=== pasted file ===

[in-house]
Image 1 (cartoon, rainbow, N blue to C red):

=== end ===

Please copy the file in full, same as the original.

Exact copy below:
[in-house]
Image 1 (cartoon, rainbow, N blue to C red):